- PacWest said it is exploring "all options" as its stock tumbles in the wake of the First Republic failure.
- The California-based bank said it is in talks with several possible partners and investors.
- PacWest said it had not experienced "out-of-the-ordinary deposit flows" after First Republic's collapse.
PacWest Bancorp shares tumbled more than 30% in premarket trading Thursday following news that the bank is weighing strategic options.
The regional bank is assessing options, including a possible sale, and bringing in advisors to evaluate longer-term plans for the business, CNBC confirmed, according to one person familiar with the matter. Piper Sandler and Stephens are the two firms advising PacWest, the person said.
PacWest later confirmed it was still in discussions with multiple potential investors and partners. "The company will continue to evaluate all options to maximize shareholder value," it said in a statement.
The shares of several West Coast regional banks have been hit particularly hard since the collapse of Silicon Valley Bank in March, in part because of concerns that their customer bases are similar. This week, First Republic Bank was seized by regulators and sold to JPMorgan Chase.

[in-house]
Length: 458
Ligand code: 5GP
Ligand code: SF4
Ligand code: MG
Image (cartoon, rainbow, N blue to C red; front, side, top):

In its statement, PacWest said it had not experienced "out-of-the-ordinary deposit flows" after the First Republic collapse.
The Los Angeles-based PacWest has a roughly $750 million market cap, and is down by 72% this year through Wednesday's close after its shares notched their fifth straight losing day.
Other regional banks declined in following the PacWest news, with the SPDR S&P Regional Banking ETF shedding 4%. Shares of Western Alliance Bancorp dropped 20%, while Comerica slid 6.4%. KeyCorp shares fell 7%.
PacWest reported that total deposits declined more than $5 billion in the first quarter to $28.2 billion as of March 31. However, the company said that it saw a net gain of $1.1 billion in deposits from March 20 until quarter end.
PacWest also said that deposits grew by another $700 million from March 31 through April 24.
— CNBC's Jesse Pound contributed reporting.
Correction: A source familiar told CNBC that the regional bank's options include a potential sale – not a capital raise.